The days of boiled vegetables and stodgy puddings are long gone. London now ranks as one of the world’s top food cities, and its menu is endless. Like an immersion blender, the city melds flavors from a diverse range of cultures (from around 70 different countries and regions), allowing you to taste the world in a matter of hours. And nowhere is this more possible than in London’s transitioning (but trendy) multi-ethnic neighborhoods like the East End and Brixton.
Once associated with gritty slums and the notorious Jack the Ripper, it’s hard to think of London’s formerly dodgy East End as tantalizing, but it is. In just a few blocks, you can essentially tour the world, sampling anything from Bangladeshi curries and French cheeses to proper British fare with contemporary twists.
Old Spitalfields Market: There has been a market on the grounds of this revamped indoor collection of trendy eateries, boutiques, and clothing and craft stalls for more than 350 years. Not to miss: Androuet cheese shop, where Alex Guarneri sells mostly raw-milk French cheeses aged in cellars below the market.
The English Restaurant: The name says it all at this classically English dining spot on the corner of Crispin and Brushfield streets. With sections dating back to 1670, its dark paneled interior complements traditional menu items like steak and onion pudding and guinea fowl au jus. Just don’t end your meal without trying the to-die-for bread and butter pudding baked with vanilla, orange, and brown sugar, and then doused with a rich custard sauce.
Bricklane: Slum-like and grimy turned artsy and edgy, this eclectic, ever-changing ethnic neighborhood is now pleasantly overrun with galleries, street art, hip bars, and Bangladeshi and Indian restaurants. In fact, there are more than 50 curry houses on one street—such as Aladin, favorite of Prince Charles—dishing out some of the best masala and vindaloo London has to offer.
Poppies: Travel back to the 40s and 50s at this award-winning fish and chips bar designed to evoke the thriving post-WWII era. Fried in a perfectly crunchy batter, the sustainably caught fish (such as cod, haddock, and halibut) wouldn’t be complete without the traditional sides of fries, bright green mushy peas, and homemade tartar sauce.
Pizzaeast: In the sub district of Shoreditch, across from BoxPark and its hipster-filled pop-ups, this “industrial chic” pizza joint set in a former tea warehouse entices with its fine wood-oven pies, antipasti plates, and salads. You could also just stop in for a decadent dessert; the salted chocolate caramel tart stands alone.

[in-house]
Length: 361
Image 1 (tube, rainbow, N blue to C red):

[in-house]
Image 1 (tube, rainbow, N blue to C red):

Craving more East End? Sample these spots and others on a walking tour with Eating London.
If you’re headed to up-and-coming Brixton, one of the city’s most vibrant retail sectors, you’re gonna have to rock down to Electric Avenue, the first street in London to have electric lighting (and yes, subject of the ’80s pop Reggae hit). To take it higher, delve into the eclectic Brixton Market and neighboring cafes emanating a mélange of African, Asian, Caribbean, and other ethnic flavors.
Brixton Market: A maze of shopping streets and covered arcades, this culinary enclave is more than just one market to behold. It’s an entire market village. Indoors or out, you could easily get lost for days perusing exotic produce stalls, rummaging through bric-a-brac, and eating yourself into a stupor at dozens upon dozens of cafes, bakeries, and takeaway joints.
Brixton Brewery: Compared to U.S. standards, this independent craft beer maker might be considered a “nano” brewery, but its style is equally as hoppy (especially compared to the more bitter and less bold traditional English ale style). Stop in for a tour and taste the unfiltered, unpasteurized brews, including the Electric I.P.A., inspired by the famous street.
Abashawel Habesha Cafe: Indulge the senses by sipping on coffee brewed from quality Arabica beans while inhaling the piney aroma of frankincense burning softly on the table. When digging in, use your hands Ethiopian-style by picking up bits of stewed lentils and vegetables with thin, spongy injera bread made from a gluten-free teff flour sourdough that’s been fermented and cooked in a crepe pan.
Fish, Wings N Tings: Feel the beat of Reggae on the streets as you approach this tiny restaurant at the entrance of Brixton Village Market. Outdoor picnic tables and a cheerful Caribbean vibe brighten even the grayest of London days. Trinidad-born chef-owner Brian Danclair cooks the simple menu of jerk chicken, goat curry, and rotis with a lot of love. And although some dishes come with a healthy dose of heat, it’s easy to cool it down with a Red Stripe or glass of homemade ginger beer.
Lab G (Laboratio Artiginale Del Buon Gelato): In Granville Arcade, this bright yellow gelato parlor heightens the natural chemistry between cream and sugar, scoop by scoop, with its homemade artisan ice creams and sorbets. Flavors like tutti fruitti, stracciatella (with flecks of chocolate) and the ever-popular salted caramel are a finale to any Brixton food tour.
Eat your way through more of Brixton with Fox & Squirrel’s food walk.
Find more London food experiences at Visit London.
Have a question for Anne about her trip to London? Want to share your own London experience? Leave a comment below! You can also follow Anne on Google+.
(Photos: Cover: Stuart J Beesley; East End: Eating London Tours; Brixton: Stuart J Beesley and Gerard Puigmal/Getty Images)
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